The case for fragile regulation

April 7, 2009

Arnold Kling has a very interesting piece on regulation. Crises are endogenous, as economic agents and market participants learn how to game the system. He argues, that we are facing two alternatives: a system that does not break easily, but when it does it is costly and difficult to fix, or a system that breaks more frequently but is easier and cheaper to repair.

Kling argues that measures taken following crises are pivotal in creating the next one. He draws his examples from the mortgage markets from the Great Depression of the 30s, to the Savings and Loans crisis of the 80s, to today’s securitization dead end.

After the Depression it was acknowledged that mortgages with balloon payments are too sensitive to credit shortages. Balloon mortgages have a short term, say 5 years, but the monthly payments are similar to a long term mortgage, say 30 years. This means that in the end of the 5 year period there will be a substantial part of the capital still in place (the balloon), which has to be refinanced. If there is a credit crisis, refinancing might not be an option, leading to foreclosures. To this end long term fixed rate mortgages and adjustable rate mortgages (where refinancing is essentially mandatory) were subsequently encouraged. Such mortgages were given by Savings and Loan associations in the US, or Building Societies in the UK. Fannie Mae was established to promote and guarantee mortgages to families with lower income.

But this shifts the maturity mismatch from the mortgagor (borrower) to the mortgagee (lender). They would borrow short (from their depositors) and lend long in the form of mortgages. In the high inflation and interest rate period of the 70s and 80s, they would receive low cashflows from past mortgages, while at the same time they had to pay higher interest rates to their depositors in order to cling on their deposits. This eventually led to the crisis, where it was made clear that such maturity mismatches were also unsustainable. What emerged from the crisis was securitization, as a means of offloading the long component of their assets. In an ideal world, institutions that had long term liabilities (like insurance companies) would be the buyers of these long term assets.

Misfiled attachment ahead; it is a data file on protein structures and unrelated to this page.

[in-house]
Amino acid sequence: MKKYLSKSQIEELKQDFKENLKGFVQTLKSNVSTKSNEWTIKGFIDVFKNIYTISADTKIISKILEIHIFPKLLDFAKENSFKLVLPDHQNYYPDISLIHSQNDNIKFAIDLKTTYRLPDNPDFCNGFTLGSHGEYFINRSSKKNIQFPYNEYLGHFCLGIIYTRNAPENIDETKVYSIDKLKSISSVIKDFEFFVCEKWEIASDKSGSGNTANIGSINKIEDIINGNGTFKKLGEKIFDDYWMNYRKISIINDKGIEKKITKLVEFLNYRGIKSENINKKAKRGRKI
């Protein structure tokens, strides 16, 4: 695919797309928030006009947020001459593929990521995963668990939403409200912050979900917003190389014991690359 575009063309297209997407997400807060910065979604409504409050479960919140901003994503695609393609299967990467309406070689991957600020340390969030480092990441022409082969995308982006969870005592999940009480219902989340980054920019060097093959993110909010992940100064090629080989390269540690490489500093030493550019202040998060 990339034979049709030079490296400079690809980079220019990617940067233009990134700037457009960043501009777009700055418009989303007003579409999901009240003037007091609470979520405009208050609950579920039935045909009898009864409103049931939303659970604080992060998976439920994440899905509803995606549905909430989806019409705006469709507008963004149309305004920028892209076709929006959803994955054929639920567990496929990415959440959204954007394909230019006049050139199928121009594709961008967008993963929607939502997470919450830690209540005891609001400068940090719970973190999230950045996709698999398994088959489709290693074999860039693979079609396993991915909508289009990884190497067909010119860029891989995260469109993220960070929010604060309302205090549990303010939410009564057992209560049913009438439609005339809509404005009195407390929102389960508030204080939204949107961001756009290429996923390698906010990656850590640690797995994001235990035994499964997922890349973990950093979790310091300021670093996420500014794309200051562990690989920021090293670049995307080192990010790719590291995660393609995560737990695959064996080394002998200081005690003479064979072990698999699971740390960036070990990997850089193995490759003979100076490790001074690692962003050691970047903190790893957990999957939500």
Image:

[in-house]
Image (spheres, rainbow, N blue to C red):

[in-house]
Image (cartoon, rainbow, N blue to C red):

Unfortunately, it didn’t work as intended with the current crisis being a direct result. Rather than insurance companies, it was investment banks and hedge funds that were left with mortgage backed assets. Also, the originating mortgage providers lost the incentive to monitor the quality of the mortgages they were granting.

The bottom line is that regulation, albeit well meaning, cannot be all encompassing and accommodating. Market participants will eventually work their way around, and there will be unforeseen consequences. It would be better then to have a fast moving framework that keeps the spirit rather than putting rigid constraints.

This is al good in paper of course, but how would such a flexible regulatory framework look like? What capacities should regulatory bodies have to make sure that the system does not descend into chaos? In a world run by politicians that want to cover their bases, the easy option is to talk big and construct a rigid international financial system. Which will probably take us back to the 1930s.



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